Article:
The Arco della Pace (Arch of Peace) is a triumphal arch, initially built in the early 19th century as part of the 'Foro Bonaparte' - a modern version of a Roman Forum - to celebrate Napoleon's victories.
The emperor's ouster in 1814 brought a premature end to the construction of this forum, and the arch is one of only two completed structures. Today the Arco della Pace stands at the center of a pedestrianized plaza, at the edge of the Sempione Park.
The arch was designed by local architect Luigi Cagnola as a triumphal arch celebrating Napoleon's victories and was originally known as the Arco delle Vittorie (Arch of Victory). Its construction started in 1807 but when Napoleon abdicated as emperor in 1814 progress was halted.
Arch of Peace
In 1815, with the Habsburgs now in charge, the arch was renamed Arco della Pace (Arch of Peace) after the Congress of Peace that was held that year in Vienna to decide on Europe's post-Napoleonic future.
Work only resumed many years later, in 1826, and by the time the arch was inaugurated in 1838 at the occasion of the crowning of Ferdinand I as king of Lombardy-Veneto, its creator Luigi Cagnola was long dead. Ferdinand I dedicated the arch to Francis I but another change of power in 1859 resulted in the rededication of the arch to the newly unified Italy.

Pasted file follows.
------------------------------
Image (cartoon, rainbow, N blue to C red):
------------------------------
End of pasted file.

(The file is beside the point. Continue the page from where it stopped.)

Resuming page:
The design of the Arch of Peace was based on the Arch of Septimius Severus at the Forum Romanum in Rome, with a large central passageway flanked by two smaller ones. The arch is clad in Crevola marble and decorated with Corinthian columns, bas reliefs and sculptures.
The four large statues in front of the frieze are allegorical representations of the rivers that flow through the former kingdom of Lombardy-Veneto: the Adige, Po, Ticinso and Tagliamento.
On top of the arch stand three sculpture groups. The central one - the Chariot of Peace - shows a six-horsed chariot, sculpted by Abbondio Sangiorgio. The statues on either side of the arch were created by Giovanni Putti and are known as the Victories on Horseback. The sculptures were intended to face Paris, but now face the other way, towards the city. Bas-reliefs along the sides of the arch depict post-Napoleonic events in Italian history.